S10-7 Thursday, Jan. 7 11:30 The Ontogeny of Cleaning in Fishes: Scaling Patterns Underlie Shifts in Feeding Strategy. BALIGA, Vikram B*; MEHTA, Rita S; Univ. of California, Santa Cruz; Univ. of California, Santa Cruz firstname.lastname@example.org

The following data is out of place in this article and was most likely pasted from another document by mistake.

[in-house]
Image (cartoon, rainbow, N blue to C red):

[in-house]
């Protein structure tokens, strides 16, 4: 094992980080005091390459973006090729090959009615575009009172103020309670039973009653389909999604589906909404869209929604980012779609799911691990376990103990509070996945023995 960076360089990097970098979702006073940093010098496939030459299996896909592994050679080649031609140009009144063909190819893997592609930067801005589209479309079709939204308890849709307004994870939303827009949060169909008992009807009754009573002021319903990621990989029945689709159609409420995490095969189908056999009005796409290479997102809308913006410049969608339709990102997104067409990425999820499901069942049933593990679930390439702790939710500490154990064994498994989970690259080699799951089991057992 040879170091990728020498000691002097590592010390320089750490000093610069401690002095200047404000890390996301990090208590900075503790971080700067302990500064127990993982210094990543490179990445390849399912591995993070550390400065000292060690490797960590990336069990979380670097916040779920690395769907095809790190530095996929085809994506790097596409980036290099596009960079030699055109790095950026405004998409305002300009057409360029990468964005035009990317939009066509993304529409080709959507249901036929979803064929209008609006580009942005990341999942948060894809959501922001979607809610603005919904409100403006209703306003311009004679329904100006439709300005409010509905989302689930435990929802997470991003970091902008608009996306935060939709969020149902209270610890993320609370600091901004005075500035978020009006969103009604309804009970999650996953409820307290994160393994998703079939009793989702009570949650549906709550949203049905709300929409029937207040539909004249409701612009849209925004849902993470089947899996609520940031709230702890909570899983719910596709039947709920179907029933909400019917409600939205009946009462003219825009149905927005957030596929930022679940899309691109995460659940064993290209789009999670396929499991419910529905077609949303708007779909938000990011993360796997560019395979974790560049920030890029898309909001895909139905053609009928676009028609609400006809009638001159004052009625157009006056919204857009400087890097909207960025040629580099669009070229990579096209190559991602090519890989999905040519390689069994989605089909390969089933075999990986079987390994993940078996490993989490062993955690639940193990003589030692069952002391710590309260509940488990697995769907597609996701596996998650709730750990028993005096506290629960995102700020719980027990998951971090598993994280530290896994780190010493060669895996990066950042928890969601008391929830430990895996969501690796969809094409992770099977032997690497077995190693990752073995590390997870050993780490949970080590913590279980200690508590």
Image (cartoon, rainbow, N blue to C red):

Body shape plays a crucial role in the movement of organisms. In the aquatic environment, body shape and the underlying axial skeleton components reflect the ability of organisms to propel and maneuver through water. Ontogenetic shifts in ecology (e.g. changes in habitat or feeding mode) may coincide with significant changes in body shape allometry. We use the evolution of cleaning behavior in the Labridae (wrasses & parrotfishes) as a case study. Cleaner fishes are species that remove and consume ectoparasites from other organisms. In many cases, cleaning involves a high degree of maneuverability, as cleaners on the hunt for parasites may continuously dart around the body of their clients. In the Labridae, at least 58 species are known to clean. Over two-thirds of these species, however, clean predominately as juveniles, exhibiting an ontogenetic shift away from cleaning as they enter adulthood. We examine features of the axial skeleton and pectoral fins in 31 species of labrids to assess how scaling patterns in these systems are associated with the ontogeny of cleaning behavior.